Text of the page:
In the early 20th century poets were as much inspired by the cinema as filmmakers by poetry. The first film adaptation of the poem ‘Twas the Night before Christmas’ (1822) by Clement Clark Moore was made in 1905 in the studios of Thomas Alva Edison. Another very early testimony to the influence of poetry on the great directors is the film The Unchanging Sea (1910) by D. W. Griffith after the poem of the same title by Charles Kingsley. Charles Sheeler and Paul Strand, with their futuristic adaptation of Walt Whitman’s city melancholia in their film Manhatta (1921), set standards which still apply today. L’invitation au voyage (F 1927) by Germaine Dulac is a timeless interpretation of Charles Baudelaire’s ‘Les Fleurs du Mal’ or Combat de Boxe (B 1927) by Charles Dekeukeleire after a poem by Paul Werrie. In L’Etoile de Mer (F 1928) by Man Ray lines from Robert Desnos’ 1928 poem »La place de l’etoile« are faded in on boards. And of course Un chien andalou (1929) by Luis Buñuel and Salvador Dalí with its poetic system. These are only some examples of the early poetry adaptations.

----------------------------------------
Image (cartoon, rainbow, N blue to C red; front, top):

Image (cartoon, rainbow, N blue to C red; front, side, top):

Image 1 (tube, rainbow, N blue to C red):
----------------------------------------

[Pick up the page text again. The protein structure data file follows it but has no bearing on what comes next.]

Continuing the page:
The constantly rising number of entries demonstrates the growing worldwide popularity of the genre and the necessity of this festival. Of all the programmes organised by the Literaturwerkstatt Berlin, the ZEBRA Poetry Film Festival is the most-booked, receiving invitations from throughout the world. It is regularly invited to take part in festivals from Buenos Aires to Taipei. In 2010–2012 alone it has been a guest in many countries including Algeria, Dubai, Morocco, Portugal, Spain, Lithuania, Malta, India, Australia, New Zealand, Italy, Colombia, Ireland, Norway and Ukraine.